Redefining Identity in the Digital Age
Posted by JR Reagan on July 17, 2013
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Who are you? There’s never a simple answer to that question, because defining who we are – coming up with the words to describe identity – is a complex and highly personal concept.
Not too long ago, there was a sense that we had public and private personas. We had a work self, a family self, a “get a little crazy watching a football game” self. We managed to keep them separate, or at least control how they related with each other…except maybe at one of those unfortunate office holiday parties.
But thanks to technology, social media and the vast amounts of data they’re collecting, the very notion of identity is going through some seismic changes that will continue to play out over the coming years.
Selves without borders
Now that we’re connected all the time, boundaries and borders are blurring. The most basic part of our identity – our name – is no longer singular, but plural. A driver’s license might identify a person as John Smith, but online, he may have different user names across the many sites he’s a member of.
Mr. Smith might, at first, have tried to separate his online selves, creating a work identity on one social media site while sharing a more personal version of himself on another. Being online, all the time, has also given us a virtual mobility that lets us transcend borders. The communities that make up a large part of our identity aren’t linked to physical locations anymore.
A third-generation resident of Brooklyn, John Smith isn’t as tied to (or identified by) his neighborhood anymore. He plays massively multiplayer online role-playing game (MMORPG) against players from dozens of countries. His friends on social media sites number in the thousands. The local shops and banks and post offices that his parents frequented – where everyone knew their names – may still be there, but they’re competing against online merchants, where everything’s cheaper, but customers have become data sets.
Here’s a picture on the impact of mobile and social media. In this 2012 infographic, Deloitte Digital takes a look at the tech forces changing today’s world and why it matters.
845 million users have social media profiles. To put that into perspective that equates to more social media users in the world than there are cars. What’s more, 4.8 billion people own a mobile phone. Compare that to 4.2 billion that own a toothbrush.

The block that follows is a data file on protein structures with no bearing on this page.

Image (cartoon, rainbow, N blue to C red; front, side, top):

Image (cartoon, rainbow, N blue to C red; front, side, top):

Other findings are startling. By the age of two, 82 percent of children already have an online presence. 87 percent of Americans can be identified by name, through the use of public databases, with just three bits of data: their gender, zip code and birthday. In the first six months of 2012, more than 240 million searches using “people search engines” were completed – and that’s not counting searches from the mega online search engines, or via social media.
We’re all armed with mobile devices that allow us connect with people across the world, to photograph every meal we eat and trip we take and share those pics while we post to our friends.
The confluence of smart devices and being social online means we’re basically on display all the time. Like celebrities stalked by paparazzi, we never know when someone will tag us in an unflattering photo.
Memory of an elephant
And since information on Internet has no expiration date, so goes with it the idea of reinventing ourselves. As the use of social media expands, we should anticipate that more information will be discoverable. Becoming familiar with the challenges now to help rein in this identity crisis, we can take steps to limit the ever-growing cloud of personal information made public, as noted in this Social Media and eDiscovery: A Checklist for Practitioners article. Possible solutions will come from policy makers and privacy legislation as well as from innovators who provide tools we need – because being careful isn’t enough anymore. We need some measures of control.